For 170 years Australia’s primary markets were 12,000 miles away in Europe and US.
Now, thanks to the “economic miracle” that has unfolded in Asia over the past 30 years, eight of our 10 biggest markets lie within our region and same time zone.
That gives Australian exporters an enormous advantage, former trade minister Andrew Robb told Friday’s NT Cattlemen’s Association conference in Darwin.
70 percent of world growth is being driven in our regional backyard, and 40pc in China alone. The Asian region will continue to drive most of the world’s growth for the next century.
Few people can offer the depth of insight into current global trade dynamics and opportunities as Andrew Robb.
The former executive director of the Cattle Council of Australia and National Farmers Federation and business consultant spent three years as Australia’s Minister for Trade and Investment to 2016.
During this time he negotiated trade agreements with South Korea, Japan and China, Singapore and the 12 Trans Pacific Partnership (TPP) nations, and conducted 85 investment roundtables with 28 countries.
“The next few decades can absolutely be extraordinary,” Mr Robb said in his keynote address to an audience of 400 cattle producers and beef industry stakeholders in Darwin.
The trends were already evident, he said.
In 2013 Australian food exports were a poor cousin to iron ore, totaling $27 billion, compared to $60 billion.
Last year iron ore exports were still worth $60b, but food exports had grown by 60 percent to $44 billion.
The opportunity was much wider than China alone.
He illustrated with these points:
Mr Robb stressed that two-way trade and investment from Australia is needed to build trade relationships in the region and, in turn, demand.
“For a long time we thought we couldn’t influence demand, but I am telling you, my observation is that we can and we must,” Mr Robb said.
“It requires developing deep relationships, friendships, linkages, understanding cultural differences, appreciating different ways of doing business, and mutual respect.
“Whilst we are trading massively with the region, in many ways there is still is very little connection, we have hardly got a cent invested in these countries in the region.”
He said joint venture partnerships, where all involved had skin in the game, represented an effective way to develop relationships and mutual trust.
Mr Robb urged co-investment in the supply chain where “you share the risks and share the profits, and you build the understandings and you then cater very much to what the market wants because you will have that connection”.
Australia’s clean, green, healthy image provided a massive brand advantage in the region, a ‘gold standard’ that had to be protected.
Australia had to focus on premium markets to capture the higher margins needed to cover our higher cost of production.
However, this did not mean that Australian product should be restricted only to the high-end markets.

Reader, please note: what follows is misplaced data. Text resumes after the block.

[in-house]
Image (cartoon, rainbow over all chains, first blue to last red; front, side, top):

He offered BMW as an example.
“BMW created a brand as being alongside Mercedes, the car of enormous quality, it is a clean, green healthy equivalent if you like, but at a premium end of the market.
“But once having established that brand, it doesn’t matter what part of the car market you go into.
“In the $30,000 range they have a BMW.
“But people think that that BMW in the $30,000 range is superior to the other models, because that is the their brand and their brand strength.
“And I tell you, once you establish a brand – it is hard to establish it and it is hard to change it.
“People want to be at the premium end of every quality and every type of the beef market chain – you’ve got to think in that regard I think in my view, but we’ve also got to think more about the demand side and the relationships.”
The re-emergence of China and India and how they share global power with the US will create opportunities and challenges for Australia.
Mr Robb likened the changing dynamic to bulls in a paddock, with young and old challengers watching each other closely.
Agriculture, through its communications with politicians and its strong relationships throughout the region, had a part to play in ensuring common sense prevails.
In 2011 Australia saw prosperity turned on its head through “a crass and mis-informed political action” by a government in response to an aggressive, orchestrated social media campaign to ban live exports.
“There is a lot of tensions and misrepresentations and potential for misunderstandings and we are going to be caught as meat in the sandwich,” Mr Robb said.
“These things that are happening in the region are important to us, and your point of view to our politicians is very important throughout this process.
“We just need common sense, the more you know how the countries that are now going to be a big part of your future in terms of demand, the more you know and have got linkages and all the rest, the more that process is less likely to run off the rails.”